Exclusive Out-of-area patient registrations have almost quadrupled since May despite GPC concerns about patient safety, figures obtained by Pulse reveal.
In all, 37,032 patients have now chosen to register with GPs away from their home since the scheme went live in January – an increase of almost 300% on the 10,000 figure reported by Pulse seven months ago.
Although falling far short of the 6% of all patients in England the Department of Health predicted would sign up to the scheme, the latest figure represents a significant increase.
The implementation of the voluntary scheme, launched on 5 January 2015 as part of the Government’s ‘patient choice’ agenda, was delayed by NHS England due to GPC concerns regarding patient safety.
The GPC attributed the rise in registrations to patients who have moved away from their practice, but do not want to change GPs.
GP have no ‘obligation to provide home visits or services out of hours’ to registered patients who live outside the practice area, with a DES intended to ensure patients can access another GP practice close to their home should they need to.
However, as previously reported, NHS England was forced to enlist out-of-hours GP providers to provide home visits for out of area patients because too few GP practices signed up to an enhanced service aimed at filling the function. Pulse also revealed that NHS 111 was advising patients using the scheme to go to A&E for urgent care, rather than to GP practices signed up for the enhanced service.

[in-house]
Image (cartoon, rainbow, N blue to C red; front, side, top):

In May, GPs at the LMCs Conference in London voted to abolish the scheme and condemned NHS England for failure to provide home-visiting services for out-of-area patients. At the time, GPC deputy chair Dr Richard Vautrey warned that the 10,000 patients using the scheme at the time were ‘at risk’ because ’NHS England has not commissioned a full and comprehensive home-visiting service’.
Commenting on the rise in patients making use of the scheme, he noted that the number was ‘small but growing’ and said it was therefore essential that the sufficient cover was in place.
Dr Vautrey said: ‘Most areas now have commissioned visiting services for out-of-area patients but they are not well publicised and few patients who have this registration status fully understand how they would contact an emergency service if they needed one. It’s also not clear whether NHS 111 has the full information of what services are available in all areas and this new registration status is also not made clear on GP clinical systems.
’As the numbers of out-of-area patients grows it becomes ever-more important for a comprehensive, consistent and reliable service to be easily available in all parts of England.’
NHS England told Pulse that 301 consultations and 24 home visits had been made between January and November 2015 for out-of-area patients, allowing these to access care in their home regions.
But, claiming that there have been ‘serious flaws’ in the implementation of the policy, Dr George Farrelly, a GP in east London, said: ‘From the beginning, the proponents of this policy have greatly exaggerated the benefits of the scheme and ignored entirely the problems inherent in the model. For someone working day-to-day at the frontline, the disconnect between the rhetoric and the reality was very disconcerting.’
Pulse has approached NHS England for a comment.